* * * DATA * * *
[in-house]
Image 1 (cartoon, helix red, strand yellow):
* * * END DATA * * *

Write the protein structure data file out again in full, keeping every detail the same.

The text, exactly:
[in-house]
Image 1 (cartoon, helix red, strand yellow):